rotation_adjustments = pygplates.FeatureCollection() ... rotation_model = pygplates.RotationModel(['rotations.rot', rotation_adjustments])
rotation_features = pygplates.FeatureCollection('rotations.rot') while iteration < MAX_ITERATIONS: # We won't be modifying 'rotation_features' until finished using 'rotation_model'. # So we can turn off 'clone_rotation_features'. rotation_model = RotationModel(rotation_features, clone_rotation_features=False) # The last time we use 'rotation_model' in this loop. rotation = rotation_model.get_rotation(...) # Modify 'rotation_features' (eg, adjust rotations stored in features) # in preparation for the next iteration. # But we're not going to use 'rotation_model' again until the next iteration where # we'll create a new RotationModel instance with the updated rotation features. ...
Using this approach (avoiding cloning rotation features) in the implementation of synchronise_crossovers() dramatically improves its performance.
clone_rotation_features is ignored if all rotation features specified in the rotation_features argument are loaded from files (ie, if only filenames are specified).
clone_rotation_features will be deprecated in future when this optimisation is taken care of internally (by cloning only if a modification to its features is detected internally).
Create from an existing rotation model as a convenience.
|an existing rotation model|
This is useful when defining your own function that accepts rotation features or a rotation model. It avoids the hassle of having to explicitly test for each source type:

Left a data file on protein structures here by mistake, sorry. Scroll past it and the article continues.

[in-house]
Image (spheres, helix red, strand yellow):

def my_function(rotation_features_or_model): # The appropriate constructor (__init__) overload is chosen depending on argument type. rotation_model = pygplates.RotationModel(rotation_features_or_model) ...
This constructor just returns a reference to rotation_model because a RotationModel object is immutable (contains no operations or methods that modify its state) and hence a deep copy of rotation_model is not needed.
|__init__(...)||A RotationModel object can be constructed in more than one way...|
|get_reconstruction_tree(reconstruction_time, ...)||Return the reconstruction tree associated with the specified instant of geological time and anchored plate id.|
|get_rotation(to_time, moving_plate_id, ...)||Return the finite rotation that rotates from the fixed_plate_id plate to the moving_plate_id plate and from the time from_time to the time to_time.|
Return the reconstruction tree associated with the specified instant of geological time and anchored plate id.